Congregation Shangarai Chasset

Shangarai Chasset (Shaarei Chesed) was a nineteenth-century see picture of plaque, at site of original structure).

The congregation was founded by Jacob Solis on December 20, 1827. The synagogue’s members were primarily Jews of German background. Around the same time the synagogue was founded, a related benevolent society was established with the same name, "Shaare Chessed," (the first interment therein was that of a Hyam Harris on June 28, 1828). In 1881, the congregation merged with the Nefutzot Yehudah, (the Portuguese Sepharadic Synagogue), to form the present day Touro Synagogue.

Far from established Jewish communities, the congregation’s membership attempted to create a semblance of Jewish life and community in the new territory opened to them as part of the Louisiana Purchase. Upon its founding, most Jewish people were reportedly indifferent and not affiliated with the synagogue. Of those affiliated with the congregation, their level of observance was minimal. Jacob Rader Marcus, a noted historian, comments that the lack of affiliation to the synagogue may have in part resulted in many of the Jewish men in the Louisiana Territory taking non-Jewish wives and having non-Jewish children. However, the high intermarriage rate did not preclude the congregation from appointing men with gentile wives to leadership positions in the synagogue. Despite shortcomings in their religious observance, their love of their religion, and service to their community was nonetheless noteworthy, as it paved the way for future generations of Jewish life in New Orleans.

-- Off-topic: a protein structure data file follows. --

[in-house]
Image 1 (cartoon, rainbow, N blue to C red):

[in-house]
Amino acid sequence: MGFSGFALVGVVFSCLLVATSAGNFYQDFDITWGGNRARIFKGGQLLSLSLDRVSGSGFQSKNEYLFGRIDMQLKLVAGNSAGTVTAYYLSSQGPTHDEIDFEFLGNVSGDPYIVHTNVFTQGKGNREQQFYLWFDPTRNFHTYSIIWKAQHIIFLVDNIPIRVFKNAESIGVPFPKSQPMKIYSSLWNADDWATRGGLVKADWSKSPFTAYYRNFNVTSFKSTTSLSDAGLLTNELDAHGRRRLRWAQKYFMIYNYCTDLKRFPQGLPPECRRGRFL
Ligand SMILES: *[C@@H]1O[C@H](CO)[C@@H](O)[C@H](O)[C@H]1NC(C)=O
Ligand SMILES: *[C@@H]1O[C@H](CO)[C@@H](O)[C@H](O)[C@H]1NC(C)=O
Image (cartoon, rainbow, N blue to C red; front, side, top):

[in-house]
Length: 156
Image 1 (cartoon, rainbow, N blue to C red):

Synagogue leadership

Some of the rabbis to lead the congregation were considered the greatest rabbis in their era. Among them:

  • Albert "Roley" Marks, (1839 - 1845)
Eli Evans in The Provincials writes that Marks was a "fake rabbi..." and a "ludicrous but likable part-time comic actor and fireman." It appears that Marks was appointed to lead the congregation primarily due to his ability to lead services. Historians Jonathan Sarna and Jacob Rader Marcus noted in various works that during that era most U.S. "rabbis" were not ordained; calling him a fake may have been too strong a critique of his pastoral abilities. Nonetheless, he is usually noted negatively, as sources cite that Marks was known to run out of services to assist his fire brigade, was not particularly careful with kosher laws or observance of Passover, and was married to a Catholic woman. Multiple sources including Evans cite a story about an incident in synagogue in which he argued with a congregant displeased with his conduct, during the High Holiday services. (Although not cited elsewhere, it is possible that the congregant objected to Marks' being appointed to lead the services, as halachic sources recommend a respectable individual represent the congregation for High Holiday services.) In response to the congregant, Marks reportedly "banged on the podium and screamed" unpleasantries at the congregant, asserting his "... right to pray!"